Consider Steve Forbes and Larry Summers for a robust program addressing the most pressing economic and political issues of the day.
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An expert on domestic economics and a leading authority on international finance, Larry Summers is one of the most distinguished voices on the issues and policy impacting the global economy. His frequent commentary is regarded as essential input to crafting economic policy, and he has remained for decades a well respected statesman of the American economy.
Prior to serving in the Obama Administration as Director of the White House National Economic Council, Dr. Summers was Secretary of the Treasury during the Clinton Administration, President of Harvard University, and Chief Economist of the World Bank. Dr. Summers’ tenure at the U.S. Treasury coincided with the longest period of sustained economic growth in U.S. history. He is the only Treasury Secretary in the last half century to have left office with the national budget in surplus. During his tenure in the Obama Administration, Larry Summers emerged as a key economic decision-maker and continues to be called upon as the number one resource for the most pressing economic debates of the day.
Steve Forbes is Chairman and Editor-in-Chief of Forbes Media, and an internationally respected authority in the worlds of economics, finance, and corporate leadership. With the economy at the forefront of conversation on a global level, Mr. Forbes offers long-standing insights that capitalism, free markets, and a flat tax are essential to a healthy economy. This is a message Mr. Forbes has been delivering as editor of one of the world’s most successful business magazines for decades, and he continues to be one of the most sought-after speakers on this and other economic issues leading the economic debates around the world.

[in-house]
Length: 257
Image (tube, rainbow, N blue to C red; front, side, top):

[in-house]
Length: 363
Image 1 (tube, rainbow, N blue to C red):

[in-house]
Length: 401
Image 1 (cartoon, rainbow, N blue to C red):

Former Treasury Secretary Lawrence H. Summers is one of America's leading economists. In addition to serving as 71st Secretary of the Treasury in the Clinton Administration, Dr. Summers served as Director of the White House National Economic Council in the Obama Administration, as President of Harvard University, and as the Chief Economist of the World Bank.
Dr. Summers’ tenure at the U.S. Treasury coincided with the longest period of sustained economic growth in U.S. history. He is the only Treasury Secretary in the last half century to have left office with the national budget in surplus.
Dr. Summers has played a key role in addressing every major financial crisis for the last two decades. During the 1990s, he was a leader in crafting the U.S. response to international financial crises arising in Mexico, Brazil, Russia, Japan, and Asian emerging markets. As one of President Obama’s chief economic advisors, Dr. Summers’ thinking helped shape the U.S. response to the 2008 financial crisis, to the failure of the automobile industry, and to the pressures on the European monetary system. Upon Summers’ departure from the White House, President Obama said, “I will always be grateful that at a time of great peril for our country, a man of Larry’s brilliance, experience and judgment was willing to answer the call and lead our economic team.”
The Economist recognized his influence when it defined the “Summers Doctrine,” an approach to economic policy during financial crises that fuses a microeconomic "laissez faire" mentality with macroeconomic activism. "Markets should allocate capital, labour and ideas without interference, but sometimes markets go haywire, and must be counteracted forcefully by government."